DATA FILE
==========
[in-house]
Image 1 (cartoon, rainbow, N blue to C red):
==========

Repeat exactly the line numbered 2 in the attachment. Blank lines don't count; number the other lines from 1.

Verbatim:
Image 1 (cartoon, rainbow, N blue to C red):